Islands

Have you ever heard someone say, "I'm an island of one?"  I did several years ago, from someone who was very close to me, and I think about the phrase often.  When I see people trying to make self-sufficiency their goal, and turn away from needing others, the sting returns.  As I often do with destructive language or thought, I reframed this one.  I hope that you find it useful if you know someone who holds on to this philosophy in life.  

An island is, in fact, a perfect example of interdependence - the opposite of self-sufficiency. What we see above the surface is just that, surface observation. Islands have deep and wide connections running through the ocean floor, and the ability to peek out and survey what's happening on land. To personify, an island eloquently shows us how to be grounded while being vulnerable. Instead of not needing anyone/thing around them, I think of islands as informed guardians who listen to both sides of every story.  The ocean and the land depend on them, and give back to the island in equal measure.  Islands are the oceans' own lighthouses.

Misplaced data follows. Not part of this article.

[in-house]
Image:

When you next encounter a person or philosophy that uses the old island of one tenet to go about its business, consider reframing it for them.  Not through obvious words like these, but through your own actions.  Put aside the all-or-nothing connotations psychology has given to the idea of needing - this is not about needing others so much that one cannot function alone. Nature doesn't malign interdependence, or see it as weak. Rather, it is the backbone of nature's existence.  And nature has been living a successful life far longer than its inhabitants have been.  I am hopeful that more humans will take a page out of nature's book and realize that connection is nothing but positive, necessary and productive.  Take every opportunity to learn about and give to others, and see what the beauty of living life like an island can bring.